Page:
- We describe a new method for finding integral solutions to some equations in 2 variables
- The method finds a $p$-adic function taking a prescribed finite set of values on these points.
- Uses the quadraticity of the $p$-adic height pairing (Quadratic Chabauty)
- Uses existing techniques to rule out "false solutions"

- What are diophantine equations?
- Rational points on curves = 1-dimensional equations: The genus trichotomy
- In comes $p$-adic numbers: Chabauty's method.
- Height pairings and Quadratic Chabauty.
- Mordell-Weil Sieve
- Examples

- Finding solutions to polynomial equations in several variables in rationals or integers
- One of the oldest mathematical problems
- Famous example: Fermat's last Theorem \(x^n+y^n=z^n\).
- Can't hope to do too well: Matiyasevich's theorem (even in 9 variables)

- Curves \(\sim\) 1 equation in 2 variables. E.g., \(C:y^2=x^5+x+2\)
- \(C(L)=\) set of solutions of this equation with coordinates in the field \(L\).
- genus \(g(C)=\) number of "holes" in the surface of complex solutions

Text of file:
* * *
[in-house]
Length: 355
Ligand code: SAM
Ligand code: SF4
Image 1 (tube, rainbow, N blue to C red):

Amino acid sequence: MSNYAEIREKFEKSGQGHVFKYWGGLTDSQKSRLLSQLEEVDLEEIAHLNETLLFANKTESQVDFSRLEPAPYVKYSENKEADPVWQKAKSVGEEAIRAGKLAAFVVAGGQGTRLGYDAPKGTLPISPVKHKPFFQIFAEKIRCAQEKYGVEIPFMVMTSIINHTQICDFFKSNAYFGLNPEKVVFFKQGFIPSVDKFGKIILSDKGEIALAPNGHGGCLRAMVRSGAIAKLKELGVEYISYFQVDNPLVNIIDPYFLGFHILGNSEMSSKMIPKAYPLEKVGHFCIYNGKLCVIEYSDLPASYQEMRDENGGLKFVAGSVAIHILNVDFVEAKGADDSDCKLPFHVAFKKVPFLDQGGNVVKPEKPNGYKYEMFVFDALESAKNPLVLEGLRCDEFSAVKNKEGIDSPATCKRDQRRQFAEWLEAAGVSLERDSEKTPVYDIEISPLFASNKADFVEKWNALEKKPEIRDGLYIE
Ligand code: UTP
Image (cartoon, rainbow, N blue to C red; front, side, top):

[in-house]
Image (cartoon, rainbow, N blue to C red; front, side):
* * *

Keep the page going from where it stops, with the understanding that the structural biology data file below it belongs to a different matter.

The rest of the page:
- Linear or quadratic equations
- Rational solutions are found easily

- \(E\) elliptic curve over a field \(L\)
- Typical examples: \(y^2=x^3+ax+b\), \(a,b\in L\)
- \(E(L)\) is an abelian group
`Mordell Weil Theorem`

: For \(E/\mathbb{Q}\), \(E(\mathbb{Q})\) is of finite rank.- Finding generators is not trivial.
- Birch and Swinnerton-Dyer conjecture: Relates the rank to some analytic data.
- Arithmetic Statistics (Bhargava) - On average most elliptic curves have small rank.

`Mordell's conjecture (Faltings 1983)`

: If \(g(C)>1\) then \(C(\mathbb{Q})\) is finite.- Drawbacks:
- Bound is not effective
- Bound is on the size of solutions. Could be huge but only a few solutions.

- In 1941 Chabauty proved finiteness of \(C(\mathbb{Q})\) in some cases.
- His method was made effective, with really good bounds, by Coleman.
- Lots of numerical work using this method.